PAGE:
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William Temple (1881-1944) was probably the most influential British theologian in the first half of the 20th century. He was not only the Archbishop of Canterbury (1942-44), he was also a convinced Christian Socialist, although he never established a doctrinal synthesis between Christianity and socialism. He saw the church’s task as winning the world for the Kingdom of God.
At the centre of his faith, his theology, and his philosophy was the Incarnation of God in Jesus Christ. He said “the whole of my theology is an attempt to understand and verify the words ‘He that hath seen me hath seen the Father’.”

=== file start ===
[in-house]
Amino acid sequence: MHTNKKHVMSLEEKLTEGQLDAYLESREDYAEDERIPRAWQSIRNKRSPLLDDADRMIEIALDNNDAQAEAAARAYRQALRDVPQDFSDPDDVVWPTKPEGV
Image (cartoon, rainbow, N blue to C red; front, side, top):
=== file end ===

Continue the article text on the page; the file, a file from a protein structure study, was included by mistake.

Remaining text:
In 1941 he presided over the ‘Malvern Conference’ of COPEC, the Conference on Politics, Economics and Citizenship; the theme was the role of Christians in a society of unemployment and poverty. Temple’s line was that the church should use its moral influence to create a political climate favourable to structural reforms.
In 1943, he spoke to bankers on ‘A Christian view of the right relationship between Finance, Production and Consumption’. He enunciated the basic Christian ethical principles which he said should always determine their decision making.
These can be found in his 2 books:
‘Men without work’
‘Christianity and social order.’
(i) Carey, P.W. and Lienhard, J.T. eds “Biographical Dictionary of Christian theologians” Greenwood (2000)
(ii) Walsh, M. ed “Dictionary of Christian Biography” Continuum (2001)
(ii) Bowden, J. ed “Christianity: the complete guide” Continuum (2005)